I don’t know where I found this, but I know that I DID NOT write it. But here you go, if you can use it. Don’t forget, The Zombie Archives today.
Query letters? Do literary agents really read them?
Agents take queries very seriously, and yes, they really do read them. It’s not some universal rumor that agents have perpetuated because they all have a secret fetish for being bombarded with mail. Sure, agents make it sound like digging through the slush pile is the last priority of their day. Some agents even relegate the ambivalent task of reading unsolicited queries to an assistant or intern. But the fact of the matter is that most agents do read queries. Even more importantly, agents actually respond to ones that spark their interest.
So write a professional, intelligent, concise, intriguing query and not only will you entice an agent to ask for more, but you’ll move yourself one step closer to a book sale.
A query letter is a single page cover letter, introducing you and your book. That’s it. Nothing more, nothing less. It’s not a resume. It’s not rambling saga of your life as an aspiring writer. It’s not a friendly, “Hey, what’s up, buddy. I’m the next John Grisham. Got the next best selling thriller for ya,” kind of letter. And for the love of god, it is NOT more than one-page. Trust us on this.
A query letter has three concise paragraphs: the hook, the mini-synopsis, and your writer’s biography. Don’t stray from this format. You won’t catch an agent’s attention by inventing a creative new query format. You’ll just alienate your chances of being taken seriously as a professional writer. A query letter is meant to elicit an invitation to send sample chapters or even the whole manuscript to the agent. It’s not meant to show off how cute and snazzy you can be by breaking formatting rules and going against the grain. Keep it simple. Stick to three paragraphs. The goal is to get the agent to read your book, not to blow you off because you screwed up the introduction.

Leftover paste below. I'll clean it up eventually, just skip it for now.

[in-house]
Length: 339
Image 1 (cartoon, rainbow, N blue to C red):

Paragraph One—The Hook: A hook is a concise, one-sentence tagline for your book. It’s meant to hook your reader’s interest, and wind them in. The best way to understand how to write a hook is to read the loglines of the titles sold by agents in our free searchable AQ database.
Here are a few examples of hooks for well-known novels:
House of Sand and Fog
When Massoud Amir Behrani, a former colonel in the Iranian military, sinks his remaining funds into a house he buys at auction, he unwittingly puts himself and his family on a trajectory to disaster; the house once belonged to Kathy Nicolo, a self-destructive alcoholic, who engages in legal, then personal confrontation to get it back.
Bridges of Madison County
When Robert Kincaid drives through the heat and dust of an Iowa summer and turns into Francesca Johnson’s farm lane looking for directions, the world-class photographer and the Iowa farm wife are joined in an experience that will haunt them forever.
When family patriarch, Alfred Lambert, enters his final decline, his wife and three adult children must face the failures, secrets, and long-buried hurts that haunt them as a family if they are to make the corrections that each desperately needs.